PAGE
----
Rollins says Horvath showed tremendous self-discipline at this stage – and the proof was in his results.

“An extraordinary thing occurred,” Rollins recalled. “It almost looked like a plane was landing – there was a peak in his levels and then it gradually came down to a beautifully low level.” 

Rollins added that these results were not from any other interventions or increase to medications, but rather through Horvath’s sustained efforts in addressing lifestyle changes.

“For someone like me who really values those situations where clients are seeing success, his results were extremely gratifying.”

Horvath’s doctor was also very pleased with his results – he was able to stop taking one of the two diabetes medications right away. More recently, Horvath is continuing on the path towards reducing his other medications, or stopping, if possible, as his health continues to improve.

For Horvath, it was the one-to-one support from the Community Virtual Care clinicians that helped the most.

“If it weren’t for this program, I wouldn’t be where I’m at today,” he said. “The workshop gave me a lot to digest and when I understood more, a member of the team was able to expand on my lack of knowledge.”

Rollins also acknowledges that Community Virtual Care’s team effort helped move the needle in this case.

“These are not easy changes to make. Our team helped to cement the reasoning of why Steve needed to adhere to this lifestyle,” Rollins said adding, “When we can all work together, we’re going to provide the greatest possible benefits to the clients that we serve. It’s not just a success story for me, or for Steve, but for Island Health.”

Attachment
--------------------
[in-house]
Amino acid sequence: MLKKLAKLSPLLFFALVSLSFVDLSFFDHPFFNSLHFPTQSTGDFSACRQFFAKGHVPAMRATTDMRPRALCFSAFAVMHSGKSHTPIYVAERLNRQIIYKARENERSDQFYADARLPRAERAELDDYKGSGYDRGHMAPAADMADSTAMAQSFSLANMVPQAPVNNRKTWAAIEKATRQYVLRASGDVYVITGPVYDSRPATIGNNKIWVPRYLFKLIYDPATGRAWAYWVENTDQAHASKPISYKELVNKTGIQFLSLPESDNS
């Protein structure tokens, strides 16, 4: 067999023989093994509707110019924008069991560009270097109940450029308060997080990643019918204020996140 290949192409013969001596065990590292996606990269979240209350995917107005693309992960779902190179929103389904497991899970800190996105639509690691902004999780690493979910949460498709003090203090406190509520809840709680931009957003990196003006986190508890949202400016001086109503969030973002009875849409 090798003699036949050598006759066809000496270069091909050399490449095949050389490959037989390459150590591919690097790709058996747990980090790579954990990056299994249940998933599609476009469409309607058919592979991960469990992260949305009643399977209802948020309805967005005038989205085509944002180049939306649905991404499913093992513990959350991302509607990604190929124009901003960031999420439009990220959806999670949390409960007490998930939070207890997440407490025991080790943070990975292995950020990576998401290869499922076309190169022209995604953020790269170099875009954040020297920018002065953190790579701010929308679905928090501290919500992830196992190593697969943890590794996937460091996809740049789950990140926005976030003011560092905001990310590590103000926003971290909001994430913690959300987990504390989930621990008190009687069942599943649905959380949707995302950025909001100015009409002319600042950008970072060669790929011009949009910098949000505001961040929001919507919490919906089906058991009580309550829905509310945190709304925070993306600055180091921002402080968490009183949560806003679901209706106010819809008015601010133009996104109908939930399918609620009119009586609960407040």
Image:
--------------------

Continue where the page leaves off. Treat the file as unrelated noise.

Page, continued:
Pam Rasmussen, a program manager for Community Virtual Care, said that although the offerings of her team aren’t new, they have seen an uptick in interest since the pandemic. Admissions to the program have increased more than 75% over the last fiscal year.

“I think COVID made people realize there are different ways we can deliver healthcare – virtual care doesn’t replace anything, it’s just another option.” 

Though there has been increased interest in Community Virtual Care, Rasmussen stresses that there are no waitlists to get into the programs and anyone can be referred regardless of whether they have a primary care provider or not.

Referrals to the chronic disease management program and diabetes education classes through Community Virtual Care are accepted through self-referral, or by health care professionals or family members. Clients do not need a primary care provider to participate in this service.

How to register for a Community Virtual Care program:

If you or a family member of the age of 19 have a diagnosis of:

  • Chronic obstructive pulmonary disease (COPD), chronic kidney disease (CKD) diabetes, heart failure, hypertension; 
  •  mild to moderate symptoms of influenza, COVID-19, heat-related illness, wildfire smoke inhalation; or
  • a progressive, palliative illness; 
  • and you are eligible for Community Health Services, call your local Community Access office (numbers below):

North Island: 1-866-928-4988
Central Island: 1-877-734-4101
South Island: 1-888-533-2273